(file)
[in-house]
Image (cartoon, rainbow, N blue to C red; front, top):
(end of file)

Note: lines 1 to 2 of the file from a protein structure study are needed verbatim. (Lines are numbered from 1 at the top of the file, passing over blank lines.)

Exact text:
[in-house]
Image (cartoon, rainbow, N blue to C red; front, top):